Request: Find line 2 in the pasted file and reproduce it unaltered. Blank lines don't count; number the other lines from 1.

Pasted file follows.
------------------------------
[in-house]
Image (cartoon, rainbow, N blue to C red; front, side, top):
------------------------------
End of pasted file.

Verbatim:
Image (cartoon, rainbow, N blue to C red; front, side, top):